Paddy Davitt: Russell Martin’s popularity contest at Norwich City is an enduring theme

Russell Martin has seen the ups and downs at Norwich City in his career. Picture by Paul Chesterton/

Russell Martin has seen the ups and downs at Norwich City in his career. Picture by Paul Chesterton/Focus Images Ltd - Credit: Paul Chesterton/Focus Images Ltd

Chief Norwich writer Paddy Davitt assesses whether Russell Martin can win over his detractors, in the latest part of a summer series.

Russell Martin's final act the last time he set foot in the Championship was to lift the play-off final trophy at Wembley.

The intervening 12 months have not been kind to the captain. Relegation for his club, Euro 2016 failure with his country and more questions about his contribution to the Canaries, plus the seemingly endless debate on his best position, which provokes bemusement from the defender himself whenever it is raised.

Martin is a loyal club man. A reliable, solid, experienced part of the dressing room; a constant between managerial upheaval, success and failure on the field and off it; the departure of David McNally a sour twist to their latest Premier League odyssey.

For those who question the 30-year-old's effectiveness only Robbie Brady and Jonny Howson started more Premier League games last season. Martin was a constant in a much-maligned backline that after the turn of this year looked far too vulnerable before Timm Klose's emergence.


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In that climate, Martin's performances and seniority within the group will always attract greater scrutiny. That horror back pass in a fraught second-half against Liverpool at Carrow Road in late-January hung heavy over the defender. It came in the midst of a prolonged downturn which provided fresh ammunition for those who despair when they see him operate at centre-back. By way of mitigation, this is the same player in the same position who made the Championship team-of-the-year in that joyous ascent that culminated at the national stadium.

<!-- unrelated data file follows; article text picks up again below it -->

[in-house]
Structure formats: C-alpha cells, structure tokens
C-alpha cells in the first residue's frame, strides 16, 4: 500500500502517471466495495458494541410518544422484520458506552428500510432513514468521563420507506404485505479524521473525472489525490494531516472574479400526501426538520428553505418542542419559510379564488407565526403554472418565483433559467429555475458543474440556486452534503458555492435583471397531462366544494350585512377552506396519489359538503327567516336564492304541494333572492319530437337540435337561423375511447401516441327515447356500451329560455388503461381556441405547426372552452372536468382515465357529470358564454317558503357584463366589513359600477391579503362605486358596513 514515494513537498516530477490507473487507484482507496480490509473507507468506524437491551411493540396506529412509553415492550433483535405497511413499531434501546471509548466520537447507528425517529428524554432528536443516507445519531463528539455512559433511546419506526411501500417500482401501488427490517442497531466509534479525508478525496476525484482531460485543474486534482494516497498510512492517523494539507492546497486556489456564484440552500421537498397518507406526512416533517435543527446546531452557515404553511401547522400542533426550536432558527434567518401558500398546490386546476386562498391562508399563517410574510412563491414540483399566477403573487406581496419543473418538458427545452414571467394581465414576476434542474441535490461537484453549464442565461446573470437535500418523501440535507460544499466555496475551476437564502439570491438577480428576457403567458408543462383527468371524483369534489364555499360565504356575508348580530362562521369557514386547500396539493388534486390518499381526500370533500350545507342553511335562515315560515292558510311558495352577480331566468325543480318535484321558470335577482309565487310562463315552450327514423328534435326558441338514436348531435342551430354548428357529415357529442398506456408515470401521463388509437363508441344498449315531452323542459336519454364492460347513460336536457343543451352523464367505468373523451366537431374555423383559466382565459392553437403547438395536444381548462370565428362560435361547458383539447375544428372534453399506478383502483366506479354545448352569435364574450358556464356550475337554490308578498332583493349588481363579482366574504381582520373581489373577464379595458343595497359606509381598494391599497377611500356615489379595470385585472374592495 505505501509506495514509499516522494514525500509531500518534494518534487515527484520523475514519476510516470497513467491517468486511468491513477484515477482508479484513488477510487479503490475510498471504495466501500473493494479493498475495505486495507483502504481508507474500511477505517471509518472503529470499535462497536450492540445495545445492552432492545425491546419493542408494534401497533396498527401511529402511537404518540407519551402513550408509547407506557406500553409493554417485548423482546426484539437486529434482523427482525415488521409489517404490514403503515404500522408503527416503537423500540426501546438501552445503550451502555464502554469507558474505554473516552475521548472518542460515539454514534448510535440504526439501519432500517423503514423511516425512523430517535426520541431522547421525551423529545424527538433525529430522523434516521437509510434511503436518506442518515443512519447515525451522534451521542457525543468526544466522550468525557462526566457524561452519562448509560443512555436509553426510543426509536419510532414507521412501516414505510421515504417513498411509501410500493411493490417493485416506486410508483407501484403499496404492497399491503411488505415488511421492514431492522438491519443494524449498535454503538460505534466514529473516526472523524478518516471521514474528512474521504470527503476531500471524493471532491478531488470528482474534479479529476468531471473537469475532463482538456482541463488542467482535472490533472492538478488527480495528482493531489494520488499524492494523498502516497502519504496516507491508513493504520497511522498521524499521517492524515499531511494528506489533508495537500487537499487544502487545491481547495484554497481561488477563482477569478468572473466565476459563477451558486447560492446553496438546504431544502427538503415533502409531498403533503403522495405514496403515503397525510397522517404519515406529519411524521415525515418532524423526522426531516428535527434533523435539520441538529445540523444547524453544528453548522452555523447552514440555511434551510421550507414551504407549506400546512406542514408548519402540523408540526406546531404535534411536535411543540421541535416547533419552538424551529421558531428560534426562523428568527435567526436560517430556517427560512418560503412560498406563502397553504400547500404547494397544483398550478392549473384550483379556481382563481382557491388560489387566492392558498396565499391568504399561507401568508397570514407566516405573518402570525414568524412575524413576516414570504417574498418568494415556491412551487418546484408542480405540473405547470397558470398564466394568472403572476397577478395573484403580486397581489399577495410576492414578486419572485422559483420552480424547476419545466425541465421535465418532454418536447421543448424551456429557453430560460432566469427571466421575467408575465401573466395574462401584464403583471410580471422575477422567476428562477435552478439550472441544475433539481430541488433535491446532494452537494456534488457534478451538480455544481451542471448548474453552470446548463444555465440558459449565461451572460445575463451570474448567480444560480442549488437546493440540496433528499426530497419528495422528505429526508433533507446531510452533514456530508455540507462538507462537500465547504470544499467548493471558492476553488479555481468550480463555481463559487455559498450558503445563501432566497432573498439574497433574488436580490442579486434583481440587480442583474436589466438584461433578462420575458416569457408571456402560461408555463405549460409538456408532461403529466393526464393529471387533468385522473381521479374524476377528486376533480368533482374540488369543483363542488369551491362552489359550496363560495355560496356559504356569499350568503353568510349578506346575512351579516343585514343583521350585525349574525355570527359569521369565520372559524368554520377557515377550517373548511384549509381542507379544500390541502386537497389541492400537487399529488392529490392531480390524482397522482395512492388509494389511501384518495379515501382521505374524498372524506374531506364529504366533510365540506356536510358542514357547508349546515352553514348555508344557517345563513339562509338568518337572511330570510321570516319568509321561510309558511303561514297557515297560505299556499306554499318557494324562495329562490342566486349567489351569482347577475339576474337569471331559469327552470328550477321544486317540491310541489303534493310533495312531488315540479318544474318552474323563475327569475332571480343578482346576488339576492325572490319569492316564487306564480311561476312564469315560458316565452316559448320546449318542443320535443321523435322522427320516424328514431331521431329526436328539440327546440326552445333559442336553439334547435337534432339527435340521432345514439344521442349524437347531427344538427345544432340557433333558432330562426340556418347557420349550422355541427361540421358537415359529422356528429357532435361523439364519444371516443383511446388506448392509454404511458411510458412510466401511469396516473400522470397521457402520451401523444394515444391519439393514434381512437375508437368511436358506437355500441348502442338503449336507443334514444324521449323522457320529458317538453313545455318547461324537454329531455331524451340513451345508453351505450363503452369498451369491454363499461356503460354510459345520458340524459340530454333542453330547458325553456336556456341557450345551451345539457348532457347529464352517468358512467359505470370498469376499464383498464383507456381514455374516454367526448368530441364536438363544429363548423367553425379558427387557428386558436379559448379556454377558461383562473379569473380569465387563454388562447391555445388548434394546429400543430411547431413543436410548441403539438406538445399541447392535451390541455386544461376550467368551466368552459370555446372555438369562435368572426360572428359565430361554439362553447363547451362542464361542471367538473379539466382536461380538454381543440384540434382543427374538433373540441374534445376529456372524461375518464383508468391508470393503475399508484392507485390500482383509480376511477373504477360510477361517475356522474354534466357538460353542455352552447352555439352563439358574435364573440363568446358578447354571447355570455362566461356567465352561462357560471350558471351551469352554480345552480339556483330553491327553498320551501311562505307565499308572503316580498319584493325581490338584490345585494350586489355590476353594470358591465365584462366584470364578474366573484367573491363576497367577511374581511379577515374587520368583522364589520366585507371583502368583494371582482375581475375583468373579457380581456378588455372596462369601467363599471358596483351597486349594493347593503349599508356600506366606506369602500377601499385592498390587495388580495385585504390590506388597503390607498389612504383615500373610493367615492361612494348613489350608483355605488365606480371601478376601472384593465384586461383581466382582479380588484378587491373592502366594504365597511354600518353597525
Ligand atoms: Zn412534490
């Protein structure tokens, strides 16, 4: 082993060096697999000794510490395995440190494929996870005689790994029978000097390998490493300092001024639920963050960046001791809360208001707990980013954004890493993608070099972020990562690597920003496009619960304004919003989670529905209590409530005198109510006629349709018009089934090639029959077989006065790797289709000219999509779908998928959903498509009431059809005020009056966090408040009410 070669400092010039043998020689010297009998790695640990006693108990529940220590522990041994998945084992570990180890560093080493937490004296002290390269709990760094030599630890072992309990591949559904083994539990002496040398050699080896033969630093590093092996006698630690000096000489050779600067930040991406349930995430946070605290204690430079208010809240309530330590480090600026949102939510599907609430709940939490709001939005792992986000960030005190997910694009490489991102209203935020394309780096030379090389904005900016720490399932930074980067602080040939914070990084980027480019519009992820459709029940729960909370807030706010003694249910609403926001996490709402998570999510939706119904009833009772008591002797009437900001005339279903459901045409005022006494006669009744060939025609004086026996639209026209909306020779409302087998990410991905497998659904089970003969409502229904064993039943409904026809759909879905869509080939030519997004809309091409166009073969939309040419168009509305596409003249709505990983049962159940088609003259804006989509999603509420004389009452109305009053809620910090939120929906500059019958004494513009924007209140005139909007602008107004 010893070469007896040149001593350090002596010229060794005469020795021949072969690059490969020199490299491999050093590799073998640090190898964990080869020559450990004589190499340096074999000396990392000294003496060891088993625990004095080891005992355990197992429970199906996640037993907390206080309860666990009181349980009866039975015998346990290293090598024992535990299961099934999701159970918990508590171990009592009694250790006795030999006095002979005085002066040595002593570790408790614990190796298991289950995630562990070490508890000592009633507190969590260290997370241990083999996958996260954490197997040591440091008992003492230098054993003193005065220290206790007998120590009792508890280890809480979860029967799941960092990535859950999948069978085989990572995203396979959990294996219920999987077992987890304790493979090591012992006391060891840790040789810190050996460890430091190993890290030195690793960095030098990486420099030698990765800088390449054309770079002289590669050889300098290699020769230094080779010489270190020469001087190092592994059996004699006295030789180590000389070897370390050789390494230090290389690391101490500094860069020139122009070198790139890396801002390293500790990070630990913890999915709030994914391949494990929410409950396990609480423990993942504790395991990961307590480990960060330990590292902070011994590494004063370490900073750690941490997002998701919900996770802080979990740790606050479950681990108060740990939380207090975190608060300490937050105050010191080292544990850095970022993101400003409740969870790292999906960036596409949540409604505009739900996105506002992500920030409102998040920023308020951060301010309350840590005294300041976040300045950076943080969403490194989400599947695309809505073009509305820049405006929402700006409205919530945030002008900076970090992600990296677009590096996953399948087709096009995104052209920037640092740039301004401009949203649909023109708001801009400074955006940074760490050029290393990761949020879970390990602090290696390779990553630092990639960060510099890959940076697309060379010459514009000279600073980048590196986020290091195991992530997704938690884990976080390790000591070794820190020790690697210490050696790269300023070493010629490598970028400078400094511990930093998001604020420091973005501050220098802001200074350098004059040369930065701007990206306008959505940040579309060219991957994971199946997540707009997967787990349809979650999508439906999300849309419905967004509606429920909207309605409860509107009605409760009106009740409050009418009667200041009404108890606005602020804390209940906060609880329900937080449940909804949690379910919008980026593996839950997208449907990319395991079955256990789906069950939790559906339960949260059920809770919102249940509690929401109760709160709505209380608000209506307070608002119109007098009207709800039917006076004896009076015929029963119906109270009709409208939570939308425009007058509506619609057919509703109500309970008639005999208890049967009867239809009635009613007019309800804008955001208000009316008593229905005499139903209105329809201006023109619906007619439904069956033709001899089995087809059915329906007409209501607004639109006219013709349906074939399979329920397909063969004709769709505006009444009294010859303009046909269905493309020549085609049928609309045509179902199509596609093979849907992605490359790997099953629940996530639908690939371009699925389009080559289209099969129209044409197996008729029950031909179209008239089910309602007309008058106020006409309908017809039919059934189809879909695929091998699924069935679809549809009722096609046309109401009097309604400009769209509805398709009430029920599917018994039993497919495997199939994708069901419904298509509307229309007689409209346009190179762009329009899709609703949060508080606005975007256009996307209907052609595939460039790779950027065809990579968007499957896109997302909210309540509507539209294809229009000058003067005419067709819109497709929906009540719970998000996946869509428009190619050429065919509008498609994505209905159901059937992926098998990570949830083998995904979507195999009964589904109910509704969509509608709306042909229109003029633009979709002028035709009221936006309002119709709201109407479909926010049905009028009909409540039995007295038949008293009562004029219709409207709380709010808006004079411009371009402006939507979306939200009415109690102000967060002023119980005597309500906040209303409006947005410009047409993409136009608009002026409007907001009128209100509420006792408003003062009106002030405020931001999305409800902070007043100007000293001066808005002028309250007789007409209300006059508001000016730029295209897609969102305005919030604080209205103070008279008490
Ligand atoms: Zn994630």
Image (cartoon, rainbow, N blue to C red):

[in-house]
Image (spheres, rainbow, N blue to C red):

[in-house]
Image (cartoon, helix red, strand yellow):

Martin's personal citation, when he was selected by his peers in that side, read: 'Norwich's skipper has led by example as the team have taken managerial changes in their stride. The Scotland international is equally comfortable as a raiding full-back or a dependable centre-back, and with more than 200 appearances for the Canaries under his belt he is looking forward to making many more.'

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Even his critics can hardly contest Martin is a valuable asset in the second grade. The more pertinent issue is where he fits into Alex Neil's plans, given the Scot has already highlighted the impact Ivo Pinto can make in the Football League. Steven Whittaker's contract extension indicates Martin may once again be earmarked for duty in the central position he has made his own internationally.

The clamour for something fresh, the desire for something new is understandable after a second demotion in the last three campaigns. Those who have been on board for every step of the journey, like Martin, like John Ruddy or Wes Hoolahan, are judged more harshly but City's prospects of bouncing back yet again at the first attempt hinge on Neil getting the balance right between renewal and retaining the status quo.

Neil's ability to trade successfully this summer is one facet, but his powers of persuasion in holding onto Klose for at least the first part of the new campaign is another. The Swiss international showed enough before injury intervened to suggest he is a figure you build a defence around. In that scenario, Martin and the rest of Norwich's other options will have to scrap to join Klose on the frontline. But Martin's longevity indicates it would be foolish to discount the skipper playing a pivotal role on his return to the second tier.

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